Colorado Springs

SCAMBUSTERS PART 3: Scary twist to unemployment scams

SCAMBUSTERS - Scary twist to...

COLORADO SPRINGS, Colo. - We've all seen them. Those job listings promising thousands of dollars for easy tasks you can do right in your own home.

These scams are back  -- now targeting victims through legitimate job sites.

How it works

After researching their victims, scammers will call offering a job - making it seem like a real, high-paying opportunity. 

Then they'll usually send you money to "buy equipment" for the position and offer training. But the catch? You have to pay a fee for the training.

The trick is the check they sent you will bounce, so you're out the money. That's the scam.

How it's advancing 

Hackers will typically target their victims who have already applied on legitimate websites. Before calling you, they'll know previous jobs you've had, where you live, and personal information listed on your resume.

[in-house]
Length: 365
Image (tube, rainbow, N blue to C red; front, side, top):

Meet Patrick 

After being retired for the past ten years, Patrick Kertson is looking for a new job.

"Recently, I started looking for work from home. Something I can do in my spare time, since I'm going to school and taking care of my two sons," he said.

Kertson applied on sites like '' and '' to be a data specialist. Within a few days, he got calls from people claiming to be a recruiter for these sites.

"It seemed real at first, they started asking me questions about my resume and asking me questions about my skill set," he said.

Scammers sent Kertson a check to buy equipment and then requested a fee for the training. But the check they gave him bounced. That's how the scam works.

"How would you know it wasn't real?" he said.

Tips and tricks

Det. Jon Price with the El Paso County Sheriff's Office explains if your curious if a scammer is on the other line -- just listen to their voice.

"Every time I get a call from somebody I don't know and they're very aggressive or demanding. I know that's time to stop and pause for a second," he said.

Note: These scams often lead to identity theft. If you fill out a fake application, including your social security number or bank account information -- they may use that to open accounts in your name.



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